Thanks for your thoughts Tim. I appreciate the time/energy you’ve allocated over the years to develop your mind as a theologian. The reality of God utlilizing suffering, a consequence of sin, to be a weapon against the power of sin itself is the ultimate example of him “using all things for good for those love him”. We have a saying in the Catholic world when faced with suffering…”offer it up”. Peace be with you.

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  4. Craig Baugh

    So, so much to comment on. I would really like for you to expand at a later time on the “larger issues” as you call them. Could you also give your thoughts on the meaning or nuances of meaning in the word “paideia”. Over the years, I have dealt with people using the KJV and locking onto the idea of “discipline” to explain away any and every bad thing that might happen to someone, i.e. “maybe the accident happened because the Lord is disciplining you”. My understanding of paideia does not include this idea of discipline and punishment. I have been struggling through my own individual suffering for years, but more so in the past six months. At this point, I am hanging on by my finger tips. What if the suffering that one endures clouds an individual’s reasoning to the point that he or she cannot choose the “right” perspective on the suffering. It sounds like the responsibility rests completely on the indivdual to make the correct interpretation. If that is the case, then I am doomed. Does it all depend on an individual “pulling themselves up by their own bootstraps.” Does God’s grace only kick in once I’ve come to the proper interpertation of suffering?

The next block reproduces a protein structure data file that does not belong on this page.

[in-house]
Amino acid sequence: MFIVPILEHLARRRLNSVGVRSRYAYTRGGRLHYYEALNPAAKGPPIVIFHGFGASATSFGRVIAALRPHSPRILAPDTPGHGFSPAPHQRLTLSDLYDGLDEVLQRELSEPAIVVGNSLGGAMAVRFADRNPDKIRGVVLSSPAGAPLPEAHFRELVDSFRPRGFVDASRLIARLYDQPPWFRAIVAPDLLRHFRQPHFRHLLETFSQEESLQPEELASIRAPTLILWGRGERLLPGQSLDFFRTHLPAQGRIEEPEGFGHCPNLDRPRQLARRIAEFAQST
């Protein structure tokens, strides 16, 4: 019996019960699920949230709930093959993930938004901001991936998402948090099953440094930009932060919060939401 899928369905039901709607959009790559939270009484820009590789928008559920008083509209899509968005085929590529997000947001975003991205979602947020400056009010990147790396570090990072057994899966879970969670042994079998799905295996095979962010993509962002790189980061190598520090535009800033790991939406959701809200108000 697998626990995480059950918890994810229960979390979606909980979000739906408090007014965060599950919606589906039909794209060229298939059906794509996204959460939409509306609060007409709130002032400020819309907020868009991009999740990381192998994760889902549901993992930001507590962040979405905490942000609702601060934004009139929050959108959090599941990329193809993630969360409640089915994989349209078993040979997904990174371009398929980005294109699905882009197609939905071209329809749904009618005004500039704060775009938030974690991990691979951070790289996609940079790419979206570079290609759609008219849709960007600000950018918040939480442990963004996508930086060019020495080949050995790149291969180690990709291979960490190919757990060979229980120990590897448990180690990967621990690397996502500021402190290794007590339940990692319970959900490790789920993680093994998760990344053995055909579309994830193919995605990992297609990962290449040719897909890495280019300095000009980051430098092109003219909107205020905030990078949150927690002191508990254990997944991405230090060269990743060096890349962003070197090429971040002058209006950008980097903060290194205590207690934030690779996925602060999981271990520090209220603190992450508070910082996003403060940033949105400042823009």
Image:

1. timgombis

      Cheers, Craig.

      Paideia has much more to do with training or moral shaping rather than discipline as we understand it in the modern sense. So, God’s desire for us is that we grow in the capacity to wisely navigate life for our good and others’ good–all of that is to God’s glory.

      The notion of ‘discipline’ isn’t entirely helpful, given modern notions of it. Paideia doesn’t have so much to do with punishment or anything negative. And the context of Hebrews does not have to do with anything that resembles that sentiment of ‘God’s doing this to discipline you’. It isn’t at all that God is doing this to the readers of that letter and we shouldn’t understand God as doing this or that to us. By appropriation, we can say that ‘life happens; trouble comes upon us; let’s respond to it rightly so that the situation shapes us and causes growth in us; and God will enable us by his Spirit to actually see that this process takes place’.

      Also, sadly, in our context we hear the individualistic tones in this, which is unfortunate. For the Hebrews, this was to be a holistic community response and they were to look out for one another to see that this all happened as God desired.

      It’s not that God’ grace only kicks in once we respond to it rightly. Rather, we can either draw upon God’s grace to grow through a difficulty or we can fight it and end up kicking into gear destructive dynamics that will have negative consequences.

      Sadly, Craig, this is one of those passages that has been wrongly read to inform a vision of God that is capricious and terribly unkind.